Does Drinking Increase The Risk Of Arrhythmia?
A new study published in the Canadian Medical Association Journal finds that seniors with heart disease or diabetes have a greater risk of developing arrhythmia if they are even moderate drinkers, indicating that patients over 60 with a history of a heart attack, stroke, hardening of the arteries or Type 2 diabetes need to watch their alcohol consumption.
The findings are based on an analysis of data from two large trials, involving more than 30,000 adults in 40 countries, which aimed to study treatment regimens for the control of high blood pressure and congestive heart failure. Subjects had a median age of 66, and were followed for four and a half years on average.
The studies included questions that attempted to determine risk factors for atrial fibrillation, the most common form of arrhythmia, or an irregular heartbeat.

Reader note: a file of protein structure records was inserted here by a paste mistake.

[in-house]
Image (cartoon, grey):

Among the low-level drinkers studied, there were approximately 14.5 cases of Atrial fibrillation per 1,000 people per year. In the group of moderate drinkers this rose to 17.3 cases, while in the heavy drinker group it reached 20.5. The researchers concluded that these differences in arrhythmia rates may be due to alcohol consumption.
Study author Dr. Koon Teo, a cardiologist that teaches medicine at Hamilton’s McMaster University, admits that the findings contradict what many doctors have been telling patients for years: that consumption of two drinks daily is good for your heart.
Dr. David Juurlink of Sunnybrook Health Sciences Centre in Toronto stressed that when considering these findings, people needed to remember that this type of study can only identify associations, and cannot prove causation.
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